Signet Marigolds in the Gem series are NOT hybrids. They are open pollinated CULTIVARS. To state that most marigolds are hybrids is also incorrect. Please correct this misinformation. Thank you. https://www.torontomastergardeners.ca/askagardener/growing-marigolds-from-seed-and-cross-pollination/
Thank you so much for your input. This is an interesting observation….and you are correct. Although many varieties of marigolds are hybrids, the Gem series are open pollinated.
There are numerous marigold varieties. Many of the commonly grown marigolds are varieties of African marigolds (Tagetes erecta) and French marigolds (Tagetes patula) . Less known are the triploid hybrids and the signet marigolds.
The triploid hybrids (also known as mule marigolds because they are unable to produce viable seed) are crosses between the tall, vigorous African marigolds and the compact, free-flowering French marigolds.
Signet marigolds are quite different from most marigolds. Botanically classified as Tagetes tenuifolia, Signet marigolds are a lesser-known species of marigold belonging to the Asteraceae family. Signet marigold plants are bushy with fine, lacy foliage. The small, single flowers literally cover the plants in summer. Flower colors range from yellow to orange. They are also edible.
Marigolds in the Gem series are cultivars of Tagetes tenuifolia and these seeds are open pollinated. These marigolds have single flowers that are small, measuring a half an inch to an inch wide, in shades of yellow, red, or orange (with cultivar names like “Lemon”, “Tangerine”, “Golden” and “Paprika”) and frilly foliage. These compact plants grow to be 8 to 12 inches tall and bear flowers that are valued for their citrus scent and flavour, making them some of the best edible marigolds.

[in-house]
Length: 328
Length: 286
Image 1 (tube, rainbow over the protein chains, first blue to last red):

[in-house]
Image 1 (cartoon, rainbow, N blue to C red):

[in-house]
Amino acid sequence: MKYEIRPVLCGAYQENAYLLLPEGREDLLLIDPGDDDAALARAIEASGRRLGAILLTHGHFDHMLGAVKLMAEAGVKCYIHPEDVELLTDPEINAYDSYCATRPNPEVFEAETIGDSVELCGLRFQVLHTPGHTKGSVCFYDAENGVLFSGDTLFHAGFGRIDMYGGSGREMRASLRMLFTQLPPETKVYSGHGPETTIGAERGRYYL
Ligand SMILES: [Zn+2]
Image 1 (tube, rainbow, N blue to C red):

Hybrid vs open pollinated:
Open pollination: Open pollination is when pollination occurs by insect, bird or human intervention. Open pollinated plants are more genetically diverse as there are no restrictions on the flow of pollen between individuals.
Open-pollinated varieties produce seeds true to type if they are allowed to cross-pollinate only with other plants of the same variety. If they cross with other varieties of the same species, their seed will not come true.
Hybridization: A hybrid is the result of pollinating one specific variety of a class of plants with the pollen of another genetically different variety of that class. While hybridization can occur naturally through random crosses, within the seed industry hybridization is a controlled method of pollination in which the pollen of two species or varieties is crossed; where two carefully chosen “parent” plants that produce “offspring” (seeds) are crossed to create a plant with special characteristics, to breed a certain trait.
Commercially available seed packets will say if they contain “F1” hybrid seeds. If the label does not indicate “F1”, you can assume the seeds come from open-pollinated plants. original seed packet will tell you if the seeds you started with were from open-pollinated or hybrid plants.
The seed produced by F1 plants is genetically unstable and gardeners who use hybrid plant varieties must purchase new seed every year.
Plant breeding is complex, but in general terms, hybrids are created to combine the best characteristics of two different plants in one plant; while open-pollinated plants are grown to preserve the best characteristics of a single plant over time.
Again, thank you for bringing this to our attention.